Interesting details about the Cashew and its uses throughout the World.
We have received many questions about the cashew. Thus, we have complied some information to help better understand the Cashew:
The Cashew is comprised of the following:
- The Cashew Tree
- The Cashew Fruit or Cashew Apple
- The cashew nut (resides inside of the Cashew Fruit)
- Cashew Shell
- Cashew Shell Oil
The cashew tree (Anacardium occidentale) is a tropical evergreen tree that produces the cashew seed and the cashew apple. It can grow as high as 14 m (46 ft), but the dwarf cashew, growing up to 6 m (20 ft), has proved more profitable, with earlier maturity and higher yields.
The species is originally native to northeastern Brazil Portuguese colonists in Brazil began exporting cashew nuts as early as the 1550s. Major production of cashews occurs in Cote d’Ivoire (Ivory Coast), Vietnam, Nigeria, and India.
The cashew nut, often simply called a cashew, is widely consumed. It is eaten on its own, used in recipes, or processed into cashew cheese or cashew butter.
The shell of the cashew seed yields derivatives that can be used in many applications including lubricants, waterproofing, paints, and arms production, starting in World War II.
The cashew apple is a light reddish to yellow fruit, whose pulp can be processed into a sweet, astringent fruit drink or distilled into liquor.
The cashew apple, also called cashew fruit, is the fleshy part of the cashew fruit attached to the cashew nut. The top end of the cashew apple is attached to the stem that comes off the tree. The bottom end of the cashew apple attaches to the cashew nut, which is encased in a shell. In botanical terms, the cashew apple is an accessory fruit that grows on the cashew seed (which is the nut).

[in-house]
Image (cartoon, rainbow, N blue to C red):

The cashew apple can be eaten fresh, cooked in curries, or fermented into vinegar, as well as an alcoholic drink. It is also used to make preserves, chutneys, and jams in some countries such as India and Brazil. In many countries, particularly in South America, the cashew apple is used to flavor drinks, both alcoholic and nonalcoholic.
Cashew nuts are more widely traded than cashew apples, because the apple, unlike the nut, is easily bruised and has very limited shelf life Cashew apple juice, however, may be used for manufacturing blended juices.
Culinary uses for cashew seeds in snacking and cooking are similar to those for all tree seeds called nuts.
Cashew nuts are commonly used in Indian cuisine, whole for garnishing sweets or curries, or ground into a paste that forms a base of sauces for curries (e.g., korma), or some sweets (e.g., kaju barfi). It is also used in powdered form in the preparation of several Indian sweets and desserts.
In Goan cuisine, both roasted and raw kernels are used whole for making curries and sweets. Cashew nuts are also used in Thai and Chinese cuisines, generally in whole form.
In the Philippines, cashew is a known product of Antipolo, and is eaten with suman. Pampanga also has a sweet dessert called turrones de casuy, which is cashew marzipan wrapped in white wafers. In Indonesia, roasted and salted cashew nut is called kacang mete or kacang mede, while the cashew apple is called jambu monyet (translates in English to monkey rose apple).
In Mozambique, bolo polana is a cake prepared using powdered cashews and mashed potatoes as the main ingredients. This dessert is popular in South Africa.